Shell function


apath [ -p PATH_VARIABLE][-d|-f|-n] path ...

Append the paths to end of the PATH_VARIABLE listed. If the path is already in the PATH_VARIABLE then the path is moved to the end of the variable.

ipath [ -p PATH_VARIABLE][-d|-f|-n] path ...

Insert the paths at the beginning of the PATH_VARIABLE listed. If the path is already in the PATH_VARIABLE then the path is moved to the beginning of the variable.

rpath [ -p PATH_VARIABLE][-d|-f|-n] path ...

Delete the path from the PATH_VARIABLE .

tpath [ -p PATH_VARIABLE] path ....

Test if the path is in the PATH_VARIABLE

All the scripts, except tpath take the same arguments. -p lets you select the variable you are working on. -d, which is the default says that this is a path of directories, -f says it is a path of files and -n that it is a path of objects that don't exist in the file system (useful for NIS_PATH when I was supporting NIS+).

To use them you simply save the script in a directory that is part of your FPATH. Then make hard links to it for all the names:

$ for i in rpath tpath ipath
> do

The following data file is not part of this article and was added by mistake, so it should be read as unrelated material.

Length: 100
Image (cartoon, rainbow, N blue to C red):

> ln apath $i
> done

and now you can use them. Here is a typical use from my .profile:

ipath /opt/SUNWspro/bin
ipath -p MANPATH /opt/SUNWspro/man

This adds /opt/SUNWspro/bin to my PATH and /opt/SUNWspro/man to my MANPATH. (Actually this is a fabrication as I have a shell function like this to cover the common case:

function addpath
     typeset i
     for i in $@
           if apath $i
                 apath -p MANPATH ${i%/\*}/man

so my MANPATH remains close to my PATH but lets keep things simple.)

Not rocket science but really useful, even more so for interactive sessions when you want to manipulate your path.

Friday Jun 08, 2007

korn shell programming advice from David Korn

There has been some great stuff about shell scripts on the shell-discuss OpenSolaris list I'm lurking on (my cron changes were discussed there so I got added and have not removed myself).

Starting with the this previously internal advice. I particularly like the c-shell advice, even if the words “for any scripts” seem to be superfluous.

Then last night David Korn posted some advice for shell scripts.

I did not even know you could do

$ > foo date

Now I do and also know it is to be avoided.

Thursday Jun 07, 2007

zfs_versions of a file

This post reminds me that I should have posted my zfs_versions script a while back. I did not as it had a theoretical bug where if you could move a new file into place which had the same age as the old file it would not see this as a new version. I've fixed that now at the expense of some performance and the script is called zfs_versions.

The script lists all the different versions of a file that live in the snapshots.

Here is the output:

: pearson FSS 124 $; /home/cjg/bin/sh/zfs_versions  ~/.profile 
: pearson FSS 125 $; 

Compare this to the number of snapshots:

: pearson FSS 128 $; ls -1 ~/.zfs/snapshot/\*/.profile | wc -l